Here are the differences between the Michigan's state of emergency and stay-at-home order

Michigan Capitol Building
Posted at 11:20 AM, Apr 29, 2020
and last updated 2020-04-29 13:22:33-04

(WXYZ) — Michigan Gov. Gretchen Whitmer is asking the state legislature to extend the state of emergency, which is set to expire at the end of the month. That is not the same as the stay-at-home order, which was an executive order signed by Whitmer.

The stay-at-home order has already been extended until May 15.

If the state legislature does approve Whitmer's request for a 28-day extension of the state of emergency, it doesn't automatically mean the stay-at-home order will be extended. Instead, Whitmer would have to once again issue an executive order.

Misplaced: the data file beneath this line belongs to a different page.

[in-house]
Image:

The state of emergency was originally on March 10, the day the first two cases of coronavirus were confirmed in Michigan.

Under the Michigan Emergency Management Act, the governor may declare a state of emergency or state of disaster, which will allow the governor to activate applicable relief forces.

With an emergency declaration, the state is able to help local governments "to save lives, protect property and the public health and safety, or to lessen or avert the threat of a catastrophe in any part of the state," according to Public Act 390 of 1976, which is called the Emergency Management Act.

Last year alone, Whitmer declared several states of emergency, ranging from extreme cold temperatures to flooding in several Michigan counties.

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